java.­util.­concurrent.­locks.­ReentrantLock Cheat Sheet

September 27, 2016

The reentrant lock is a replacement for the easier to use synchronized statement when you need one of the following advanced techniques: lockInterrupibly, tryLock, lock coupling, multiple conditions, or fair locks In the cheat sheet, I have summarized each technique. And in the blog post, I give a detailed description of those techniques.

reentrantlock cheat sheet

Similar as synchronized this lock is reentrant, which means the same thread can acquire the lock multiple times.

Lock Interruptible

private final ReentrantLock lock = new ReentrantLock();
   public void m() throws InterruptedException {
     lock.lockInterruptibly();  
     try {
       // ... method body
     } finally {
       lock.unlock()
     }
   }

Throws an InterruptedException, when the thread.interrupt method was called by another thread. This allows you to interrupt the processing even while trying to acquire a lock. Something which is not possible with the synchronized statement.

Try Lock

private final ReentrantLock lock = new ReentrantLock();  
   public boolean m() throws InterruptedException {
     if(! lock.tryLock(2 , TimeUnit.MILLISECONDS ) )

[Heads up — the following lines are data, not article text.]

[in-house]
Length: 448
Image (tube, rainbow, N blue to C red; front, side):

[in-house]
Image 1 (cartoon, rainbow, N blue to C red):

{
       return false; 
     }
     try {
       // ... method body
     } finally {
       lock.unlock()
     }
     return true;
   }

Similar to aqcuireInterrubtable throws a thread interrupted exception when the thread was interrupted by another thread. Additionally, it allows you to give a time span how long to try to acquire the lock. Useful when you have a task which is only valid for a specific amount of time. You can also use it to avoid deadlocks. When you need to acquire two locks simultaneously. Acquire the locks with tryLock. If you can not acquire one of the locks at the given interval release both locks, wait a little bit and try again.

Lock Coupling

The reentrant lock allows you to unlock a lock immediately after you have successfully acquired another lock leading to a technique called lock coupling.This can, for example, be used to lock a linkedlist. You can see an implementation here.

Multiple Conditions

Create:
Condition notFull = lock.newCondition();
Wait for Condition to become true
lock.lock()
{
   while( condition not fullfilled)
   {    
        notFull.await();
   }
}
 finally {
       lock.unlock()
}

Signal that condition has become true

lock.lock() { notFull.signal(); } finally { lock.unlock() }

Be cautious that you do not mix the methods from Condition, 'await', 'signal', with the methods from java.lang.Object wait, notify. Useful when you need to wait for different conditions. ArrayBlockingQueue, for example, uses two conditions one to wait that the queue becomes not full the other to wait till the queue becomes not empty.

Fair locks

private final ReentrantLock lock = new ReentrantLock(true);
Threads get the lock in the order they requested it. This has a high-performance penalty, see the following benchmark for details

Benchmark

synchronized vs. ReentrantLock

The figure shows the throughput of synchronized vs reentrant lock in a fair and unfair mode for different thread counts . The benchmark was run on JDK 8 on an intel i5 4 core CPU using jmh. The source of the benchmark can be downloaded here.

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